The Pryor Times

Health

July 6, 2014

Case of chikungunya confirmed in Oklahoma

Pryor Times — An Oklahoma resident, who recently traveled out of the country, has tested positive for the chikungunya virus. This virus is transmitted by mosquitoes. Currently, chikungunya is not indigenous to Oklahoma nor the continental United States, meaning persons cannot acquire the disease while in the U.S. The disease is occurring in the Caribbean islands, South America, Africa, and Southeast Asia. Travelers to those regions should take extra precautions to protect themsevles from mosquito bites, says the Mayes County Health Department.

“We are advising travelers to affected areas to be very vigilant about the regular use of mosquito prevention, including using repellent containing DEET, wearing long-sleeved shirts and long slacks to limit the amount of exposed skin, and ensuring that residence have screen windows or mosquito nets are used around beds,” said Mayes County Health Department Regional Director Maria Alexander.

Unlike West Nile Virus infection, chikungunya can be transmitted from a sick person to a healthy person by the bite of an infected mosquito. Infected persons are advised to avoid exposure to mosquitoes during the first week of illness. Chikungunya is not transmitted directly from one person to another through contact.

Persons developing symptoms of chikungunya, such as a high fever, joint pain and body ahces within seven days after returning from an area iwth chikungunya, should voluntarily isolate themselves indoors for seven days after symptoms begin to avoid contact with native mosquitoes. This action will reduce the risk of introducing the chikungunya virus into Oklahoma’s native mosquito population, to help prevent locally-acquired disease.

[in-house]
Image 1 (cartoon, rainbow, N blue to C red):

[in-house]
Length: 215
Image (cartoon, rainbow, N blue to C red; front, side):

Chikungunya does not often cause deathm but the symptoms can be severe. While the most common symptoms are high fever and severe pain in multiple joints, other symptoms may include headache, muscle pain, joint swelling or rash. Most patients feel better within one week, but the joint pain can persist for months to years in some cases.

People at risk for more severe disease include newborn infants, adults over age 65, and peple with medical conditions that may compromise the immune system such as high blood pressure, diabetes, heart dsease, HIV, or cancer. There is no specific treatment for Chikungunya Fever. Treatment consists of supportive care for relief of fever and joint pain. Currently, there is no vaccine available that protects against this virus.

For more information visit www.health.ok.gov and click on “Mosquito and Tickborne Diseases” then scroll down to the chikungunya link.

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